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Fibre is at home in APAC

It’s perhaps no surprise that China, Japan and South Korea hold the top positions in APAC for homes passed by FTTH networks in a new market report. But the reach of fibre is also growing in places like the Philippines and Bangladesh.

The new FTTH Council Asia-Pacific APAC Market Panorama Report released at the FTTH APAC Conference 2019 (held from 15-17 April in Wuhan, China) examines the rollout of fibre to the home/building (FTTH/B) and other fibre-based architectures in 21 countries across the region.

It reveals that China clearly dominates by a wide margin, at least in terms of absolute numbers, representing 74% of the total FTTH/B homes passed in the APAC region. However, less economically dominant countries are also doing well. The highest annual growth rates were seen in Thailand (+35%), the Philippines (+28%), Sri Lanka (+25%), Kazakhstan (+24.9%) and Indonesia (+24.6%). The largest increase in subscribers was seen in the Philippines (+168.6%), followed by Bangladesh (+149.6%), Indonesia (+59.5%), Thailand (+37%) and New Zealand (+30.2%),

PON (passive optical network) is the preferred connectivity technology across the region. FTTH GPON (gigabit-capable passive optical networks) remains the norm for fibre networks in APAC. Contributing to the high growth may be the fact that, compared to other regions, there is a high proportion of MDUs (multi dwelling units) as a consequence of high population densities.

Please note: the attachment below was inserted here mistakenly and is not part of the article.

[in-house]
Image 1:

The report also notes that LTE is becoming increasingly mature across the region, with South Korea, Japan and city-countries leading the way and China playing an essential role. LTE is also spreading in less advanced markets thanks to a wide range of drivers, such as increased competition, dropping prices and a generation of young digital users.

Around 64% of all homes in the region have been passed by alternative ISPs, with the remainder covered by incumbents. According to the report, the number of homes passed by FTTH networks is expected to increase by 18% (some 649 million homes) by 2023, while FTTH subscribers will grow by 35% (about 576 million subscriptions). This will, at first, mainly take place in the most densely populated countries.

“Across the region, public-private initiatives and national broadband initiatives are fuelling growth,” suggests Venkatesan Babu, President, FTTH Council Asia-Pacific.  If he is right, and this growth continues, it is certainly going to be an encouraging prospect for the Council and for its conference, whose focus this year is ‘5G Smart Cities Enabled by Fibre’. 

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